Today’s news:

Teen track star gets huge support in fight against anemia

Nearly 300 people became potential bone marrow donors at a church in Jamaica Saturday in hopes of saving two young members of their community — along with a minority population in dire need.

Volunteers had the inside of their mouths dabbed with a cotton swab to test their tissue type, and fingers were crossed that someone in the room would be a match for Luis Turnage, 5, who was diagnosed with acute lymphocytic leukemia, a form of cancer, last year or Cardozo track star Ahtyana Johnson, 17, who was diagnosed in September with aplastic anemia, a bone marrow disease.

“He can go through 3 1/2 years of chemotherapy or get a bone marrow transplant,” said Sharon Turnage about her son Luis. “We need to do what we can — not just for Luis and Ahtyana — but for all the other kids out there.”

She could not believe the number of people from the neighborhood who filled the Majority Baptist Church, at 115-21 Farmers Blvd. in Jamaica, to commit to donating either bone marrow or stem cells from their blood — commitment that lasts until they are 61 years old.

“There’s so many people that we don’t even know,” Turnage said, on the verge of tears. “I wished for this many people, but I didn’t expect it.”

But there were also many familiar faces.

Victoria Middleton drove 10 hours from Greensboro, N.C., to help her friend after she found out about the event through Facebook.

“Sharon’s my heart,” she said. “You’ve got to support, you can save a life.”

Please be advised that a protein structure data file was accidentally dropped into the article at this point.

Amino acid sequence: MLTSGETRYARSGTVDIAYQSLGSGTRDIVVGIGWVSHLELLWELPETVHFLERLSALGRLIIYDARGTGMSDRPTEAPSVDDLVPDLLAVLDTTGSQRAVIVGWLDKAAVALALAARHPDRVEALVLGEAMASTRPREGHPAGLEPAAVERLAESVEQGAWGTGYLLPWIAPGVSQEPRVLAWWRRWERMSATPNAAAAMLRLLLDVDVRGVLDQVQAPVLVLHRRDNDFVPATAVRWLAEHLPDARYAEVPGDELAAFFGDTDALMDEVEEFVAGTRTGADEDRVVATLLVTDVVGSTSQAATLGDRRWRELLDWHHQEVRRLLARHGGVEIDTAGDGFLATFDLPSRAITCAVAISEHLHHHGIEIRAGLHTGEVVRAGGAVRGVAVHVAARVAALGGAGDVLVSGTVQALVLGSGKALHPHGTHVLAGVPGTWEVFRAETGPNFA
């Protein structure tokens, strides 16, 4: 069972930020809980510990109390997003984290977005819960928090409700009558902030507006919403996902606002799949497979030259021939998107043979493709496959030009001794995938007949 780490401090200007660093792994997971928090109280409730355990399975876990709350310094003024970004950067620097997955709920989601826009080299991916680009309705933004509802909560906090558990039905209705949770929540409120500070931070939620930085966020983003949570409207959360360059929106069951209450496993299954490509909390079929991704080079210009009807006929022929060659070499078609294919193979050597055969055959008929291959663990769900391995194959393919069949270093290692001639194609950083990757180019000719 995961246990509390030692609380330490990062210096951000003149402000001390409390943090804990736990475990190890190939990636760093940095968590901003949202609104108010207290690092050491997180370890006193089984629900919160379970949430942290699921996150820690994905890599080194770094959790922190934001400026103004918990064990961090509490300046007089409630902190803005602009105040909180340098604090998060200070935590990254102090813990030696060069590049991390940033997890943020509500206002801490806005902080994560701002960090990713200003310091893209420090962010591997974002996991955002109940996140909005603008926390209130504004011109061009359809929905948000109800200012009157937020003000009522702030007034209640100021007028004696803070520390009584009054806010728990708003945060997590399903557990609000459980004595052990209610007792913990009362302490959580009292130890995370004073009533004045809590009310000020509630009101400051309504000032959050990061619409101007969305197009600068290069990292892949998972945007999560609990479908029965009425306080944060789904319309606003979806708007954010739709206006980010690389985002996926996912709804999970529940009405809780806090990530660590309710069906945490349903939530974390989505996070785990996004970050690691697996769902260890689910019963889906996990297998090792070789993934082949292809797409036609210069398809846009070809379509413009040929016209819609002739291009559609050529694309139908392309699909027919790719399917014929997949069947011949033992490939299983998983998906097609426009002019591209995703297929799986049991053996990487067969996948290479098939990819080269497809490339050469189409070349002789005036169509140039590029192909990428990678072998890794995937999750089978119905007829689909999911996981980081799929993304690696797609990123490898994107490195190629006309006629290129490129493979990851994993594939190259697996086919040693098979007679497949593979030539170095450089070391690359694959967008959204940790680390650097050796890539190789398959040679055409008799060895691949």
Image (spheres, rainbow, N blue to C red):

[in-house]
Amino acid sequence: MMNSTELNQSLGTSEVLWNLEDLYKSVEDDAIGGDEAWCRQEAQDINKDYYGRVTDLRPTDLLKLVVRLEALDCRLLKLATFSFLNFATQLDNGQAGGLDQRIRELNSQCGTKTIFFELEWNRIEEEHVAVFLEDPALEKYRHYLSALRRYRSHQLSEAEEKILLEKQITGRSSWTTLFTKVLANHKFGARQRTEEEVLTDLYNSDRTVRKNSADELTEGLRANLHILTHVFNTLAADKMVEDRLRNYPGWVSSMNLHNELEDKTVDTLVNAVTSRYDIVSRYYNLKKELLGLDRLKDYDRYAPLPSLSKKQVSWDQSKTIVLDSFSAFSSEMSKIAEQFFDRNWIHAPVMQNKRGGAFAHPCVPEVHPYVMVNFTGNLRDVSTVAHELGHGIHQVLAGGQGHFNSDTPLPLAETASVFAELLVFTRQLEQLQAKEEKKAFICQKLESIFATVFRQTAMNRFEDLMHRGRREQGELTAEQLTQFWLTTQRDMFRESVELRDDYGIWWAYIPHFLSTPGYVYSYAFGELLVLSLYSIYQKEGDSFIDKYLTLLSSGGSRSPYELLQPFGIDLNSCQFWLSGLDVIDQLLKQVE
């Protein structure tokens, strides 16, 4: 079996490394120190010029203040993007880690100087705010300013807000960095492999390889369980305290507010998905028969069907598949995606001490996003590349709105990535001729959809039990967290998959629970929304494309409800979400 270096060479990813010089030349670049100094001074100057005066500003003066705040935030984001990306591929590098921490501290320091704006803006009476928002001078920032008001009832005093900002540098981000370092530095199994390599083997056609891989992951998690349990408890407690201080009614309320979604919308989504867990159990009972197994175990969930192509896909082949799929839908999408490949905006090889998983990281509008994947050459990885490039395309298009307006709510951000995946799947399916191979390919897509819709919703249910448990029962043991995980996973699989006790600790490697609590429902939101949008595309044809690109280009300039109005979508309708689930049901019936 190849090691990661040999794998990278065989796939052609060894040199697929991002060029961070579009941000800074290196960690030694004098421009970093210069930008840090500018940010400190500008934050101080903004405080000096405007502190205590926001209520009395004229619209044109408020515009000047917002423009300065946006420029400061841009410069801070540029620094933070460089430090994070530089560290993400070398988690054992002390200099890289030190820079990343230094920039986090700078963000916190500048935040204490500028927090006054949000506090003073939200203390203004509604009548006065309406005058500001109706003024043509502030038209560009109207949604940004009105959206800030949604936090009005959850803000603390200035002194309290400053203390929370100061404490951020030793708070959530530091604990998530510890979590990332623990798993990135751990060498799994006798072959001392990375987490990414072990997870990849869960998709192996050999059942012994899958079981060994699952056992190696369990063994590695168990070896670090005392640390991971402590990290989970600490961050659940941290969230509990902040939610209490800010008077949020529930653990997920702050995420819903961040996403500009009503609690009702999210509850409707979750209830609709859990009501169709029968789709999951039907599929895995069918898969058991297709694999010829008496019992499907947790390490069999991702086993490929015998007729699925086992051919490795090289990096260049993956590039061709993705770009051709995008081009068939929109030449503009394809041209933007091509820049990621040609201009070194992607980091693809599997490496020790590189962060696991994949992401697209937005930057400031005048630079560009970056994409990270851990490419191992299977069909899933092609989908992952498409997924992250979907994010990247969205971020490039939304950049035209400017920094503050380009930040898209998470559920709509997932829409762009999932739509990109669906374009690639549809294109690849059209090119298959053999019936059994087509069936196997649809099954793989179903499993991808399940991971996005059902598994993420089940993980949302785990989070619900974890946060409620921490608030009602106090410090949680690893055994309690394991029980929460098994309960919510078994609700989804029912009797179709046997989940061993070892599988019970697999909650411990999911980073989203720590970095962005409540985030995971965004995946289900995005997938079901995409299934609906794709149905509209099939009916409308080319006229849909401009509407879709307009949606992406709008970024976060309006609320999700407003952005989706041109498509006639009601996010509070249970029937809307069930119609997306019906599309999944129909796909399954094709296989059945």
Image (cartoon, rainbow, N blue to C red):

Turnage’s mother also made a surprise visit, flying into Queens from Lawrenceville, Ga.

Johnson had her share of visitors as well. One man decided to leave Philadelphia, where he was conducting business, and drive straight to the church despite never having met Johnson.

David Loyd was the captain of the Cardozo High School track team in 1977, the same high school where Johnson, a senior, excelled in track.

She holds the fifth best time in the nation for the 400-meter dash and even qualified for the World Youth Olympic Games before falling ill.

“I read about the story and I drove back,” said Loyd, who is from the neighborhood, but currently lives in Brooklyn. “This touches home. We’re very proud of our high school, and when I heard how well she had been doing in track, I had to come out.”

The drive was also important to help minorities, a fraction of whom are bone marrow donors.

“There’s a huge under-representation of minorities on the registry,” said Alina Suprunova, a spokeswoman from DKMS, the company responsible for holding drives around the country.

The more genetically similar a donor and recipient are — which includes how close their race and ancestry are — the more likely their bone marrow could be successfully transplanted. But since there is a lack of minorities in the registry, many people in need cannot find a matching marrow donor.

According Suprunova, only 7 percent of the roughly 2.5 million donors in the DKMS registry are of African-American ancestry, 7 percent are Asian, and 10 percent Latino.

“This is affecting the ability of these patients to find matches,” she added.

Bone marrow transplants are important because they can cure cancer and help with bone marrow diseases like the ones contracted by the Johnson and Turnage.

Bone marrow is the liquid inside human bones that produces stem cells. These stem cells in turn produce red and white blood cells, which are vital to one’s immune system — the system that fights off disease.

Donors who missed the drive can still get their tissue tested by mail or donate money by visiting

Reach reporter Joe Anuta by e-mail at or by phone at 718-260-4566.

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